Tips and Timing Before You Start Shopping For Your First Home Part I

2020-03-12T11:41:46+00:00By |Uncategorized|

The home-buying process can be daunting, particularly for the first-timer. Liz Pulliam Weston with MSN Real Estate suggests the following timeline as an ideal one for someone purchasing their first home. Of course the steps can be accomplished in far less time, particularly if you employ trusted industry experts for advice.

As soon as possible (Ms. Pulliam Weston suggests one year)…
Obtain a copy of your credit report. In the US, the three major credit bureaus, Equifax, Experian and TransUnion offer free credit reports. You should scan the report for errors: accounts that aren’t yours and other mistakes will negatively impact your credit and may cause you to pay higher interest rates. Errors and mistakes can usually be dealt with and usually without assistance from an attorney. If you are outside the US in a country without a formal credit tracking system contact a local lender and ask them if you have doubts about your ability to finance a home purchase. Lenders can have vastly different opinions about late payments, repossessions and bankruptcies depending largely upon how badly they want to make the loan.

Improve your credit rating.
In the US most mortgage lenders use the FICO credit scoring formula. For $50 you can buy your FICO score for all 3 credit reporting agencies at In the US or not, you can improve your credit standing by avoiding late payments, pay down credit cards and don’t open or close any new accounts while you’re in the market for a mortgage.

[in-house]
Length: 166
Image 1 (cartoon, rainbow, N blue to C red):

Deal with your debt.
Eradicate high interest ‘toxic’ loans: credit card balances and pay-day loans because they are indicators you are living beyond your means. Low interest debt such as student loans or auto loans generally won’t present an obstacle.

Save, save, save.
You will have more financing options the more money you have to put down. 5% is minimum but 10% is better and if you can demonstrate that you saved this money on your own over a period of time, so much the better. Don’t show up at the mortgage lender’s office flush with a cash infusion from Uncle Bob. That doesn’t show character. But if you can accumulate the down payment over a period of time by avoiding eating out, dropping your cable TV subscription or other, that does.

Put your bills on automatic.
Use on-line bill paying and the recurring payment feature. Better yet, consider using automatic debt payments so that the bill is paid directly from your checking account. A single late payment can harm your chances of getting the loan to purchase your dream home.

Next Week: 6 months out

About the Author: